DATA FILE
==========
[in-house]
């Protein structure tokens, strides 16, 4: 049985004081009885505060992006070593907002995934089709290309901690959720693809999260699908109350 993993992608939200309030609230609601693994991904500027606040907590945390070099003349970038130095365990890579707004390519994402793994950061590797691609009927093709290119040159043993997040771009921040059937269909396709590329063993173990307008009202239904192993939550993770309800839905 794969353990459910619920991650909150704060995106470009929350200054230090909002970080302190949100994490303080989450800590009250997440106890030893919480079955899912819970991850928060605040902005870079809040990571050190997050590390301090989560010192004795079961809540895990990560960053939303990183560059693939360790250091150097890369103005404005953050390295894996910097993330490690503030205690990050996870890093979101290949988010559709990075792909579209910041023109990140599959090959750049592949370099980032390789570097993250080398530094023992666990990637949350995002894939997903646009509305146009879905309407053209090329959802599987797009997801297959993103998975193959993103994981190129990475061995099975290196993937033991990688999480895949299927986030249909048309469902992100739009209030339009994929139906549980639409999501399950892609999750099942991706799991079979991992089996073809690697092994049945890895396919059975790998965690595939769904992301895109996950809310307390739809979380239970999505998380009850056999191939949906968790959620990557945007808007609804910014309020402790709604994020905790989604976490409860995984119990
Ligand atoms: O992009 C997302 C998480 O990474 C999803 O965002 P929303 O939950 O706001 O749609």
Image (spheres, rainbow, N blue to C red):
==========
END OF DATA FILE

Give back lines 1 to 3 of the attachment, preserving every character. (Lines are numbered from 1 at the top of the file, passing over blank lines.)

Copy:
[in-house]
């Protein structure tokens, strides 16, 4: 049985004081009885505060992006070593907002995934089709290309901690959720693809999260699908109350 993993992608939200309030609230609601693994991904500027606040907590945390070099003349970038130095365990890579707004390519994402793994950061590797691609009927093709290119040159043993997040771009921040059937269909396709590329063993173990307008009202239904192993939550993770309800839905 794969353990459910619920991650909150704060995106470009929350200054230090909002970080302190949100994490303080989450800590009250997440106890030893919480079955899912819970991850928060605040902005870079809040990571050190997050590390301090989560010192004795079961809540895990990560960053939303990183560059693939360790250091150097890369103005404005953050390295894996910097993330490690503030205690990050996870890093979101290949988010559709990075792909579209910041023109990140599959090959750049592949370099980032390789570097993250080398530094023992666990990637949350995002894939997903646009509305146009879905309407053209090329959802599987797009997801297959993103998975193959993103994981190129990475061995099975290196993937033991990688999480895949299927986030249909048309469902992100739009209030339009994929139906549980639409999501399950892609999750099942991706799991079979991992089996073809690697092994049945890895396919059975790998965690595939769904992301895109996950809310307390739809979380239970999505998380009850056999191939949906968790959620990557945007808007609804910014309020402790709604994020905790989604976490409860995984119990
Ligand atoms: O992009 C997302 C998480 O990474 C999803 O965002 P929303 O939950 O706001 O749609």